Companies have to choose between shareholder payments, reinvestment, or exploration. The scars of 2008 still exist, and most mining firms are still committed to paying shareholders rather than spending more on operations.  

A specific vision and skill set is required to make automation work. Currently, there is no true off-the-shelf automation system a mine can buy, have delivered, and will work immediately. There are several areas which need to be reviewed, assessed, planned for, and then executed. When building a new mine, you can include automation in the planning. But most mines are not new and therefore require a refit of existing fleets. 

Staffing issues - an automated mine needs fewer workers. Many workers are therefore hostile to the change in their jobs or job losses - whether true or not, it is still always a key cause for pushing back.  

Many remote mines will face ESG issues from the local population around jobs or with unions. These communities rely on work, and it's often part of the company's licence to operate that the mine generates jobs (skilled or unskilled). 

The jurisdictions we see leading in automation. In Canada and Australia, over 80% of the companies we surveyed in our latest Metals and Mining Innovation Forecast are deploying automation systems, compared to Africa, where that figure is below 20%. 

A lack of skills to make these things happen. Many mines struggle to recruit operators and engineers. Once you add data science, networking and automation talent into the mix, it's clear the industry will face issues in recruitment and retainment.  

Should mining look elsewhere?

No one can question the success of large iron ore operators with automation over the last decade and the advances we are now seeing in other operations, especially in underground.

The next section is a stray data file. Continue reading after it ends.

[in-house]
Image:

However, mining should look to other industries for a future roadmap. Until the mining industry moves into fully autonomous operations - where decisions are made on the vehicle and not a server - we will not achieve a true scaling of technology. 

Current communication and knowledge limitations, although not game-ending, are barriers to adoption that to some, mean autonomous operations will not happen. 

Looking towards the automotive sector, we can see what mining should be, and is, moving towards. Mines, although complex, are less so than the outside environment. We have defined working locations, patterns, and routes. Autonomous passenger cars have to operate in far more complex environments, and yet they are more advanced and widespread than mining vehicles. Being able to buy an off-the-shelf vehicle and run it with minimal setup must be an industry goal. Ideally, with retrofit control to the existing fleet. 

Finally, we must decide what the mines of the future will be. Many believe the ultra-class truck will be a thing of the past, with new mines opting for a higher number of smaller trucks - each being battery-powered and autonomous. It would allow for significantly smaller infrastructure and a lower cost base. 

Ultimately automation in mining is now inevitable, much like the tractor replacing the horse on the farm. We will see more and more automation coming into the market. It will always begin with trucking fleets, drills, and dozers. These are simple, repeatable tasks, usually confined to a fixed working area. 

The big question will be the pace at which we see that transition and the impacts on the industry.  It's easy to imagine a world where high-cost jurisdictions are almost entirely automated, and lower-cost mining locations are not - whether because of unions, social licence issues or merely a lack of need due to lower-cost skills available. In 50 years, we may see physical operating machinery all but extinct in certain countries.

The impact on the skills within the industry and its consequences are unknown - but it's coming, and we need to be ready for this new exciting era of mining.  

Joe Carr is Mining Innovation Director at Axora